The R package qtlpoly (v. 0.2.4) (Pereira et al. 2020) is an under development software to map multiple quantitative trait loci (QTL) in full-sib families of outcrossing autopolyploid species. It is based on the following random-effect model:

\[\boldsymbol{y} = \boldsymbol{1}\mu + \sum_{q=1}^Q \boldsymbol{g}_q + \boldsymbol{e}\]

where the vector of phenotypic values from a specific trait \(\boldsymbol{y}\) is a function of the fixed intercept \(\mu\), the \(q = 1, \dots, Q\) random QTL effects \(\boldsymbol{g}_q \sim \mathcal{N}(\boldsymbol{0}, \boldsymbol{G}_q\sigma^2_q)\), and the random environmental error \(\boldsymbol{e} \sim \mathcal{N}(\boldsymbol{0}, \boldsymbol{I}\sigma^2)\). \(\boldsymbol{G}_q\) is the additive relationship matrix between full-sibs derived from the genotype conditional probabilities of QTL \(q\). See model details in Pereira et al. (2020).

Variance components associated with putative QTL (\(\sigma^2_q\)) are tested using score statistics, as proposed in Qu, Guennel, and Marshall (2013). Final models are fitted using residual maximum likelihood (REML) from the R package sommer (v. 4.1) (Covarrubias-Pazaran 2016). Plots for visualizing the results are based on ggplot2 (v. 3.1.0) (Wickham 2016).

This tutorial used R version 4.2.2 Patched (2022-11-10 r83330) running on Ubuntu 20.04 LTS (64-bit).

Install and load the qtlpoly package and data

qtlpoly package is available in its stable version on CRAN and an under-development version at GitHub. You can install the stable version from CRAN by running:

> install.packages("qtlpoly")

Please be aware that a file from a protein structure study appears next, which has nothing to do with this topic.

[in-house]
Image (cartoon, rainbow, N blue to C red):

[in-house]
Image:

To use the development version, please run the following commands to install qtlpoly and all of its dependencies:

> ## install.packages('devtools')
> devtools::install_github("gabrielgesteira/qtlpoly")

Then, use the function library() – or require() – to load the package:

> library(qtlpoly)

qtlpoly includes preloaded datasets that are simpler, so one can run the functions along with this tutorial using a regular personal computer (with 4 cores and 6 GB of RAM, minimum). For real data analyses, one may need to run an R script in a cluster with more cores and RAM. In general, the computational needs depend on ploidy level, population size, and the number of markers.

The dataset used in this tutorial was based on a full-sib family (\(N = 156\)) from a biparental potato population. You can view the maps with mappoly after installing it:

> ## install.packages('mappoly')
> library(mappoly)
## Warning in fun(libname, pkgname): couldn't connect to display ":0"
## =====================================================
## MAPpoly Package [Version 0.3.22022-12-02 08:00:02 UTC]
## More information:
## =====================================================
> plot_map_list(maps4x)

> plot(maps4x[[1]])